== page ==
A Not So Interesting Story

I am going to tell you all the story about how I got my feminist ring. It’s not an interesting story, by any means, but it’s a story nonetheless, so enjoy it as much as you can.

I wear a lot of jewelry, but most of the things I wear have sentimental value. My necklace, for example – I haven’t taken off since I found it at a small Indian boutique at the beach this year. It’s not a very good looking necklace – it’s held together by ratty, black, string – but the reason I like it so much is because of the “om” pendant attached to the end of it. I am by no means a religious person, but this necklace seems to hold a religious value for me whenever I am feeling lost or upset. Similarly, my class ring is another piece of jewelry that I never take off – mainly because it reminds me where I come from and the last time I took it off I nearly lost it and I’m not risking flushing $250 down the toilet again. Anyways, these pieces of jewelry make sense for me to wear since they hold some kind of value for me and I consciously went out of my way to buy them.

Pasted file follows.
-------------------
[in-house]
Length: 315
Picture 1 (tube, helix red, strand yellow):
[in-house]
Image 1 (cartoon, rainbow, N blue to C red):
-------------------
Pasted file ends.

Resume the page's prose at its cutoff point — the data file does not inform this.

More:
However, the same principle does not hold true for my feminist ring. A picture of it is attached below. This ring was given to me by my friend’s friend – some girl I had met for the first time that day. It’s not a particularly nice piece of jewelry, in fact, it was bought from a  random Chinese restaurant in Ocean City, Maryland. I was at beach week with my friends, and one of them wanted to meet IMG_6215up